Health Affairs estimates that 4 million older American adults cannot leave their homes without assistance. This means that for a significant number of people, accessing health care is a serious challenge. A recent study shows that Medicare beneficiaries are seriously underutilizing the home health care options available to them through the program, which can offer life-changing and life-saving benefits.
What Are Home Health Care Services?
There is a wide range of home health care services available depending on an individual’s needs. These include:
- Doctor care
- Nursing care
- Physical, occupational and speech therapies
- Medical social services
- Home health aides
- Basic assistance (homemaker) care
Are Home Health Care Services Covered by Medicare?
Medicare Parts A and B cover certain home health services, including both part-time and intermittent skilled services. Part A covers home health care for people following a hospital stay or a stay in a skilled nursing facility. Part B provides home health care for homebound adults who need skilled nursing care.
A Medicare beneficiary is considered homebound in the following situations:
- Because of an illness or injury, they have trouble leaving their home without help, such as a cane, wheelchair, walker or crutches, special transportation or another person’s assistance.
- Their physician recommends staying at home.
- Leaving their residence takes a major effort.
The program covers medically necessary part-time or intermittent skilled nursing care and health assistance, durable medical equipment and medical supplies for use at home.
Medicaid also covers long-term services and supports (LTSS), which include medical and personal care services that aid with activities of daily living (ADLs). These are the kinds of services an assisted living facility typically provides, available in your own home.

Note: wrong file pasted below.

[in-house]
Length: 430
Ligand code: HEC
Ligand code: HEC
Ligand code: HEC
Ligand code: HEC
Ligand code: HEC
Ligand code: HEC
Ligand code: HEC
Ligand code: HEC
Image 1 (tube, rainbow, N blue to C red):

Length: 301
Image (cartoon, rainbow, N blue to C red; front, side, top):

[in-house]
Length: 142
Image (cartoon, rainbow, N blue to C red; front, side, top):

An Underutilized Resource
In a study of Medicaid beneficiaries currently taking advantage of home health care services through the program, 30 percent receive some home-based clinical care, while 80 percent receive home-based long-term services and supports (LTSS).
The same study identified three levels of home clinical care and LTSS usage among older adults:
- Low Care and Services (46.6 percent). The largest group of participants received little home-based care. These individuals tended to be younger with fewer chronic conditions and functional impairments.
- Home Health Only with LTSS (44.5 percent). While this group used some home health services, such as assistance with ADLs, they received little home-based clinical care.
- High Clinical with LTSS (8.9 percent). Only a few participants had extensive home-based clinical care. In addition to tending to be older, they were more likely to have dementia and live alone.
Finding only about 9 percent of participants receiving high levels of clinical care and LTSS points to a significant gap between the number of older Americans who could benefit from these services and the number taking advantage of them.
How Do I Know If I Qualify for Home Health Care Services Benefits?
There are resources available to provide you with the information you need to decide whether home health care services are right for you, and the benefits for which you qualify. Medicare’s Home Health Services Coverage Page is a great place to start.
Our knowledgeable and compassionate elder law attorneys have a depth of experience counseling and representing elders and younger individuals with disabling illnesses and their families. Please reach out to see how we may be able to help you.